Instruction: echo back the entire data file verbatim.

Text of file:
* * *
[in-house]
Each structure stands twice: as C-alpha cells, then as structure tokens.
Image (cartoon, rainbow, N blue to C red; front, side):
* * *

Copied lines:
[in-house]
Each structure stands twice: as C-alpha cells, then as structure tokens.
Image (cartoon, rainbow, N blue to C red; front, side):